C. Conclusion

The tests which the City proposes at this time to administer to all Chattanooga fire fighters would violate the fire fighters' rights under the fourth amendment. This is not to say, however, that the City is foreclosed from testing fire fighters for drugs. The City may conduct such tests if it has a reasonable suspicion to do so; the scope of the tests is related to the objective engendered by the reasonable suspicion; and the intrusiveness of the tests is minimized to the extent it can be without jeopardizing the integrity of the tests.

An appropriate judgment will enter.


For the reasons expressed by the Court in its memorandum filed herewith, it is the JUDGMENT of the Court that the department-wide drug tests of Chattanooga fire fighters originally proposed by the defendants to begin on October 1, 1986, would violate the fourth amendment to the Constitution of the United States. The defendants, their agents and employees are hereby ENJOINED from conducting urine testing of fire fighting personnel except in accordance with the terms of the memorandum filed herewith.

*884 The plaintiffs shall recover of the defendants their costs of action.


[1] Police Chief McCutcheon in case CIV-1-86-417, a related case brought by police officers challenging the testing in the Chattanooga Police Department, testified that there were other factors which entered into the decision to administer tests to the Police Department.

[2] Plaintiffs make no complaint about the blood tests. It is unclear what, if anything, the City did with the results of those tests.

[3] The accuracy of EMIT tests has been discussed in other cases. See Peranzo v. Coughlin, 608 F. Supp. 1504, 1509-14 (S.D.N.Y.1985); Wykoff v. Resig, 613 F. Supp. 1504, 1508-12 (N.D.Ind. 1985); Higgs v. Wilson, 616 F. Supp. 226, 231-2 (W.D.Ky.1985); Pella v. Adams, 638 F. Supp. 94 (D.Nev.1986).

[4] Expert testimony established this test as the most accurate available. See also Brotherhood of Maintenance of Way Employees, Lodge 16 v. Burlington Northern R.R. Co., 802 F.2d 1016 (8th Cir.1986).

[5] The observation of fire fighters making donations of urine samples certainly contributes to the intrusiveness of the tests. However, defendants have shown that there is no less intrusive means of conducting the tests that insures the integrity of the urine sample. Therefore, observation of the donation does not, by itself, make these urine tests constitutionally infirm.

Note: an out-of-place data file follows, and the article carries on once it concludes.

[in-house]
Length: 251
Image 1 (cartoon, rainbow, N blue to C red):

[6] In view of the ultimate disposition of this case, the Court finds it unnecessary to rule on plaintiffs' contention that the release of positive test results to the press prior to the pre-termination hearings violates an unconstitutional invasion of their "right to privacy." It does not appear that the release of such information was done in 1985 pursuant to any particular policy. Perhaps the City will insure that disclosure of the results of any future tests will await the dispensation of discipline.

[7] Chattanooga City Ordinance 8012, section 2-536 provides that any employee of the Department of Fire and Police covered by the Firemen's and Policemen's Insurance and Pension Fund must submit to a physical exam at least once every 36 months. Section 2-533 provides that a City employee may be required to take a physical exam if a supervisor is of the opinion that the employee is incapacitated for work on account of mental or physical illness, condition or injury. The provisions of this ordinance are not the subject of this litigation.

However, there would seem to be no constitutional difficulty with the regularly conducted physicals or the requested physicals, or a pre-employment physical, even if they involve a urinalysis for drugs, provided that they are not used as a subterfuge to conduct an unreasonable search and seizure. See Turner v. Fraternal Order of Police, 500 A.2d 1005, 1011 (D.C.App. 1985); McDonnel v. Hunter, 612 F. Supp. 122, 130 n. 6 (D.Iowa 1986); Caruso v. Ward, 506 N.Y.S.2d 789, 797 (Sup.Ct.N.Y. July 1, 1986). One of the primary complaints of the plaintiffs is that the urine tests stigmatize them and require them to "prove their innocence." The taking of a physical exam, something we all do (or should do) on occasion, would not have this effect.